But it was Mr. Musk’s “funding secured” statement on Twitter that may put the iconoclastic founder most at risk. He provided no details about how much funding had been secured, from whom or under what conditions. His email to employees did not mention anything about the funding.
“That’s a clear factual statement,” said John C. Coffee Jr., a professor at Columbia Law School who specializes in corporate law and securities fraud. “If it’s not fully secure, that’s potentially a very material misrepresentation, and a very straightforward violation of Rule 10b-5” of the securities law — in short, securities fraud.
It is illegal for a director or officer of a public company “to knowingly or recklessly make material misstatements about that company,” said John Coates, a professor at Harvard Law School who teaches mergers and acquisitions. Mr. Musk’s “tweets seem cryptic at best, and it is hard to see how he has complied with his duty to not be misleadingly incomplete.”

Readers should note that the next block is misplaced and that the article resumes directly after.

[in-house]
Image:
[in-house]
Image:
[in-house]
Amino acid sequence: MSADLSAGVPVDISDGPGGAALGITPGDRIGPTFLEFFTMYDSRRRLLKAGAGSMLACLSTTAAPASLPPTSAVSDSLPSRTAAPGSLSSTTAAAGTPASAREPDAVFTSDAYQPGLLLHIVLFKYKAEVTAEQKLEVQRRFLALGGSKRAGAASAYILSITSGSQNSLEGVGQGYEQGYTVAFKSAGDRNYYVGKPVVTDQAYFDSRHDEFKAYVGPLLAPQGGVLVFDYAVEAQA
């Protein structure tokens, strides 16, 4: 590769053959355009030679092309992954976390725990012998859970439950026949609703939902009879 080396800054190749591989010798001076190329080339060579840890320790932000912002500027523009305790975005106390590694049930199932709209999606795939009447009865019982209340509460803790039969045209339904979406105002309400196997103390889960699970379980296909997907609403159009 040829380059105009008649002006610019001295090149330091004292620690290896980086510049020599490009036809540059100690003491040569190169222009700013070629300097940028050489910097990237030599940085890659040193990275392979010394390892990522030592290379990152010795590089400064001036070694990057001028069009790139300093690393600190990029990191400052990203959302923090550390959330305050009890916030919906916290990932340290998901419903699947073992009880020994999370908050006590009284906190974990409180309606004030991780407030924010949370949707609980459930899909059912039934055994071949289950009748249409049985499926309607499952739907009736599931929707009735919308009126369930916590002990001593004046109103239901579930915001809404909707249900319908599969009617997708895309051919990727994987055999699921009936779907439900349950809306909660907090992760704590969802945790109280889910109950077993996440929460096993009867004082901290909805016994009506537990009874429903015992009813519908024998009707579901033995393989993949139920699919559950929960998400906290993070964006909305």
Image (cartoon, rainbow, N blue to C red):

A Tesla spokeswoman declined to comment.
Perhaps Mr. Musk could find himself some wiggle room over what he meant by “secured,” even if it turns out that he does not have the requisite tens of billions of dollars in takeover financing already lined up — and some banks and large investment funds indicated on Tuesday that they had not been in talks with Mr. Musk — he could conceivably argue in his defense that he had every expectation that the money would be readily available.